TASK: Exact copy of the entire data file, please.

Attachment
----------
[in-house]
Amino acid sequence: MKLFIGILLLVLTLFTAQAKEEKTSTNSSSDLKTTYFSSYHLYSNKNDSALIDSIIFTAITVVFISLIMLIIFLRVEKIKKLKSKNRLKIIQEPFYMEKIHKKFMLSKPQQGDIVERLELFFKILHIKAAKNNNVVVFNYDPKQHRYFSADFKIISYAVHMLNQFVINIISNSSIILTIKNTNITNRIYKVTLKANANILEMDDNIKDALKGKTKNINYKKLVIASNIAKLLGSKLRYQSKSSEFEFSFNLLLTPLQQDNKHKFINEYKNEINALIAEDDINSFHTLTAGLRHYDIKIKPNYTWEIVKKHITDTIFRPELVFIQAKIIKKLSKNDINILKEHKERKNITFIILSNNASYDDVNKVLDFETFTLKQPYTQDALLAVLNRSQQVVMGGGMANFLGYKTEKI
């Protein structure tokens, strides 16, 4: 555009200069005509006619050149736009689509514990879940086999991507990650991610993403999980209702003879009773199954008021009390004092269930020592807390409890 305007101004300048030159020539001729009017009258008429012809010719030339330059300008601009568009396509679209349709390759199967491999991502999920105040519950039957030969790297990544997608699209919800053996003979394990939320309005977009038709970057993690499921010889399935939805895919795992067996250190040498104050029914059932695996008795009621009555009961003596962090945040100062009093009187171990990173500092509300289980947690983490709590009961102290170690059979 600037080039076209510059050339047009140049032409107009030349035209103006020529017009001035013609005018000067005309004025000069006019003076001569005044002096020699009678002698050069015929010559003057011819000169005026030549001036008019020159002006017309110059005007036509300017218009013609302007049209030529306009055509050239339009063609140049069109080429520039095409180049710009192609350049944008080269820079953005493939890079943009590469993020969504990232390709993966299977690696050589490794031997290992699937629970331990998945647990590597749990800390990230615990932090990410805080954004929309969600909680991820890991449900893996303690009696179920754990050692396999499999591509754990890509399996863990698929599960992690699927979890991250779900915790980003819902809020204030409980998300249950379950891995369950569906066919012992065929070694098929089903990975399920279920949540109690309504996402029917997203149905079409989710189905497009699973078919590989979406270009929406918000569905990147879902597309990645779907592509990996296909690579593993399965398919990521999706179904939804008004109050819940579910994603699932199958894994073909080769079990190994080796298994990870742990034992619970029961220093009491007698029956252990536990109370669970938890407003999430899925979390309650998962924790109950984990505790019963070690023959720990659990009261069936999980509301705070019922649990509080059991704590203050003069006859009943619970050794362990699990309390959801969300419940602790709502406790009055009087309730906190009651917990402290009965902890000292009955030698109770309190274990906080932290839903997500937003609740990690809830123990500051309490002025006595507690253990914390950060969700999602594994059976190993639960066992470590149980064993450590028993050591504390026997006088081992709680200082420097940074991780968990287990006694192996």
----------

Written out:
[in-house]
Amino acid sequence: MKLFIGILLLVLTLFTAQAKEEKTSTNSSSDLKTTYFSSYHLYSNKNDSALIDSIIFTAITVVFISLIMLIIFLRVEKIKKLKSKNRLKIIQEPFYMEKIHKKFMLSKPQQGDIVERLELFFKILHIKAAKNNNVVVFNYDPKQHRYFSADFKIISYAVHMLNQFVINIISNSSIILTIKNTNITNRIYKVTLKANANILEMDDNIKDALKGKTKNINYKKLVIASNIAKLLGSKLRYQSKSSEFEFSFNLLLTPLQQDNKHKFINEYKNEINALIAEDDINSFHTLTAGLRHYDIKIKPNYTWEIVKKHITDTIFRPELVFIQAKIIKKLSKNDINILKEHKERKNITFIILSNNASYDDVNKVLDFETFTLKQPYTQDALLAVLNRSQQVVMGGGMANFLGYKTEKI
């Protein structure tokens, strides 16, 4: 555009200069005509006619050149736009689509514990879940086999991507990650991610993403999980209702003879009773199954008021009390004092269930020592807390409890 305007101004300048030159020539001729009017009258008429012809010719030339330059300008601009568009396509679209349709390759199967491999991502999920105040519950039957030969790297990544997608699209919800053996003979394990939320309005977009038709970057993690499921010889399935939805895919795992067996250190040498104050029914059932695996008795009621009555009961003596962090945040100062009093009187171990990173500092509300289980947690983490709590009961102290170690059979 600037080039076209510059050339047009140049032409107009030349035209103006020529017009001035013609005018000067005309004025000069006019003076001569005044002096020699009678002698050069015929010559003057011819000169005026030549001036008019020159002006017309110059005007036509300017218009013609302007049209030529306009055509050239339009063609140049069109080429520039095409180049710009192609350049944008080269820079953005493939890079943009590469993020969504990232390709993966299977690696050589490794031997290992699937629970331990998945647990590597749990800390990230615990932090990410805080954004929309969600909680991820890991449900893996303690009696179920754990050692396999499999591509754990890509399996863990698929599960992690699927979890991250779900915790980003819902809020204030409980998300249950379950891995369950569906066919012992065929070694098929089903990975399920279920949540109690309504996402029917997203149905079409989710189905497009699973078919590989979406270009929406918000569905990147879902597309990645779907592509990996296909690579593993399965398919990521999706179904939804008004109050819940579910994603699932199958894994073909080769079990190994080796298994990870742990034992619970029961220093009491007698029956252990536990109370669970938890407003999430899925979390309650998962924790109950984990505790019963070690023959720990659990009261069936999980509301705070019922649990509080059991704590203050003069006859009943619970050794362990699990309390959801969300419940602790709502406790009055009087309730906190009651917990402290009965902890000292009955030698109770309190274990906080932290839903997500937003609740990690809830123990500051309490002025006595507690253990914390950060969700999602594994059976190993639960066992470590149980064993450590028993050591504390026997006088081992709680200082420097940074991780968990287990006694192996």